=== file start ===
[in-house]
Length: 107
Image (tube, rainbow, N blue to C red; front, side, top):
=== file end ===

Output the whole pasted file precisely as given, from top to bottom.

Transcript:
[in-house]
Length: 107
Image (tube, rainbow, N blue to C red; front, side, top):